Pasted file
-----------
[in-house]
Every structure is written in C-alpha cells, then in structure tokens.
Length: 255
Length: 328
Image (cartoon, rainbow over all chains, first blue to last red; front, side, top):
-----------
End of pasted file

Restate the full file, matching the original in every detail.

[in-house]
Every structure is written in C-alpha cells, then in structure tokens.
Length: 255
Length: 328
Image (cartoon, rainbow over all chains, first blue to last red; front, side, top):